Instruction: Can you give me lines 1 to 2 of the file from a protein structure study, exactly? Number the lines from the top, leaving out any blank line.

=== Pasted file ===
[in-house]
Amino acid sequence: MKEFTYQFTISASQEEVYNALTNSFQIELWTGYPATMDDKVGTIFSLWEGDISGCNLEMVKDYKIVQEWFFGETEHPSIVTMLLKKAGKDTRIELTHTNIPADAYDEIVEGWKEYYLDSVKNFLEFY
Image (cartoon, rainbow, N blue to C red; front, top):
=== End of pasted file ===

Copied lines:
[in-house]
Amino acid sequence: MKEFTYQFTISASQEEVYNALTNSFQIELWTGYPATMDDKVGTIFSLWEGDISGCNLEMVKDYKIVQEWFFGETEHPSIVTMLLKKAGKDTRIELTHTNIPADAYDEIVEGWKEYYLDSVKNFLEFY